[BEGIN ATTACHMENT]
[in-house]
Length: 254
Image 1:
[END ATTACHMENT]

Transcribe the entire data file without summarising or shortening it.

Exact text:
[in-house]
Length: 254
Image 1: